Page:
This Professional 3-D Printer Costs Almost Nothing to Operate

Mcor Technologies, a 3-D printing company based in Ireland, has an entirely different approach to the market. Instead of selling 3-D printers that lock customers into costly proprietary materials, which generate lucrative streams of recurring revenue throughout the life of the printers, Mcor's 3-D printers rely on the standard A4 paper that's found in virtually every office around the world. In a competitive market where companies like 3D Systems (NYSE: DDD  ) and Stratasys (NASDAQ: SSYS  ) have embraced a glorified razor-and-blade business model, Mcor believes that democratizing access to professional 3-D printing technology is a key stepping stone toward furthering 3-D printing adoption. Because Mcor has chosen run-of-the-mill A4 paper as its primary feedstock, comparable 3D Systems or Stratasys 3-D printers can cost between five to 30 times more to operate.

Two 3-D printed wheel models made from paper. Source: Mcor Technologies.

For customers needing a high-quality professional 3-D printer to quickly turn out affordable models and early prototypes, Mcor's price-to-quality ratio makes a compelling case against competitors 3D Systems and Stratasys. Investors should remember that 3D Systems and Stratasys cater to far more applications beyond early stage prototypes and models. It isn't currently likely that Mcor would negatively affect 3D Systems' or Stratasys' entire operations.

In the following video, 3-D printing specialist Steve Heller asks Mcor CEO Conor MacCormack about the cost to operate its 3-D printer compared to the competition. Going forward, 3D Systems and Stratasys investors should continue to monitor companies like Mcor that offer the potential to disrupt the materials space, especially within the professional and industrial segments, where 3D Systems and Stratasys generate the majority of their recurring revenues.  

A transcript follows the video.

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Steve Heller: How much cheaper, on average, is your product -- using it -- versus the competition?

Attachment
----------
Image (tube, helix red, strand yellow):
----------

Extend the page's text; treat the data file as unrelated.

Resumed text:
Conor MacCormack: It ranges, depending on if it's a full-color machine or if it's a part that you just put different colored paper in. It can range between five times up to 30 times.

Heller: Wow.

MacCormack: If it's a white part, or a solid color like a blue or a green, or layers of color, you can get that with just putting layers of colored paper into your paper tray, and it can be up to 30 times cheaper than plastic.

If you want a full bitmapped color, like if you're printing out somebody's face or a landscape, then you're around five times cheaper than the next color printer.

I think the waters are getting cloudy about what happens in color printers. People talk about true color plastic printers, but actually there's only two technologies out there that can print in full color.

The definition of "full color" is that, at any time when the head is moving around, it needs to be able to put down any color. It needs to be instantly changed from one color to another at any time. If your machine can do that, it's true color.

If it's blending plastics or doing something else, it'll be one color to another color, and it will slowly go from one to the other. Something like that could never print out somebody's face or some sort of a landscape, so there's a bit of a definition that needs to be done in the industry.

Heller: Right.


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